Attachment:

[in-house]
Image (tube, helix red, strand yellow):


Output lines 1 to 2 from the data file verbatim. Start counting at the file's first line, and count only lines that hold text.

[in-house]
Image (tube, helix red, strand yellow):